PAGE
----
Changing Trends of Antimicrobial Resistance in Clinical Isolates Yielded from Lower Respiratory Tract Specimens of ICU Patients-A Two-Year Study
Keywords:Antimicrobial resistance, Carbapenems, Intensive care, Polymyxins, Tigecycline, Trends
Objective: To determine changing trends in antimicrobial resistance among Gram-negative bacterial isolates yielded in lower respiratory tract specimens in intensive care settings.
Study Design: Cross-sectional study
Place and Duration of Study: Armed Forces Institute of Pathology, Rawalpindi Pakistan, Jul 2018 to Jun 2020.
Methodology: The study was carried out on 819 isolates from lower respiratory tract specimens collected from ICUs of multiple centres all over Pakistan. The antimicrobial susceptibility testing was performed according to performance standards provided by CLSI and EUCAST. Antimicrobial resistance trends were analyzed.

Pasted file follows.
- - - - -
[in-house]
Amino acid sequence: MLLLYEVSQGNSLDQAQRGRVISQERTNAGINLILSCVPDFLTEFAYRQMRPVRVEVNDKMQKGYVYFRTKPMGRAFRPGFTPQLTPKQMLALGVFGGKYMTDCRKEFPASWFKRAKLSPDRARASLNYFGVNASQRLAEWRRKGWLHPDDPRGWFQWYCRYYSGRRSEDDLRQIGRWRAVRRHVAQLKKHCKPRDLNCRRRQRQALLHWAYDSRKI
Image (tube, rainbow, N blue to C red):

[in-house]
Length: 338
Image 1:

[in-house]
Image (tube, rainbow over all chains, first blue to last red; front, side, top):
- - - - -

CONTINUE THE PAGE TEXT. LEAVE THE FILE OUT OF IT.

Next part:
Results: In Acinetobacter baumannii, resistance increased against Carbapenems (92% to 97.4%) and Polymyxins (0% to 5.3%).Pseudomonas aeruginosa showed increasing resistance, with Imipenem (33.3% to 46.9%), Meropenem (27.3% to 43.6%) and Polymyxin (0% to 3%). In Klebsiella pneumoniae, the resistance against Carbapenems rose from 60.5% to 79.2%, for Imipenem 68.4% to 83% for Meropenem. Polymyxin resistance was much higher in K. pneumoniae (increasing from 22% to 24.5%). In Escherichia coli, resistance increased from 23.5% to 41.7% for Imipenem 35.5% to 50% for Meropenem, and 0% to 8.3% for Polymyxins, whereas Tigecycline showed decreasing resistance trend. Other antimicrobials tested showed increasing
resistance as well.
Conclusion: Antimicrobial resistance is emerging so rapidly that the post-antibiotic era is approaching sooner than later. Extensive and up-to-date insight regarding antimicrobial resistance rates and trends against significant pathogens is required to deal with this emerging dilemma.